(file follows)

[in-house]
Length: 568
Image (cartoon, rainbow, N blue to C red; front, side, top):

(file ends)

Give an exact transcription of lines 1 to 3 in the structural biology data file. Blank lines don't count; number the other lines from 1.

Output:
[in-house]
Length: 568
Image (cartoon, rainbow, N blue to C red; front, side, top):